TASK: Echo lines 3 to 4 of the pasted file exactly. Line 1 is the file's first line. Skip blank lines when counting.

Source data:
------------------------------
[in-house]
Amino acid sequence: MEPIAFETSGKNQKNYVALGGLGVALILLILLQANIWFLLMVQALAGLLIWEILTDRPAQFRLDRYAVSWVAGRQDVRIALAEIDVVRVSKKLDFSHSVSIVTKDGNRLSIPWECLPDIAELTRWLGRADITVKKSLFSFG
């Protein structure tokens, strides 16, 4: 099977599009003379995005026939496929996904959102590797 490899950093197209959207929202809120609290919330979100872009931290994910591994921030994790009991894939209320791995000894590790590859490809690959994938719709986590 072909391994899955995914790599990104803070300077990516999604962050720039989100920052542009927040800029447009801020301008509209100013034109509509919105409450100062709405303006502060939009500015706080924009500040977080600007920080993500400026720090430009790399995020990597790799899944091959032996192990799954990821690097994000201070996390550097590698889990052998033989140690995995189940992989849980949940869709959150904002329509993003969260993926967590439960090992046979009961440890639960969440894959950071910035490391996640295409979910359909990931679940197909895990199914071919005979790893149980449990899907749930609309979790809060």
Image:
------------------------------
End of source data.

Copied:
């Protein structure tokens, strides 16, 4: 099977599009003379995005026939496929996904959102590797 490899950093197209959207929202809120609290919330979100872009931290994910591994921030994790009991894939209320791995000894590790590859490809690959994938719709986590 072909391994899955995914790599990104803070300077990516999604962050720039989100920052542009927040800029447009801020301008509209100013034109509509919105409450100062709405303006502060939009500015706080924009500040977080600007920080993500400026720090430009790399995020990597790799899944091959032996192990799954990821690097994000201070996390550097590698889990052998033989140690995995189940992989849980949940869709959150904002329509993003969260993926967590439960090992046979009961440890639960969440894959950071910035490391996640295409979910359909990931679940197909895990199914071919005979790893149980449990899907749930609309979790809060």
Image: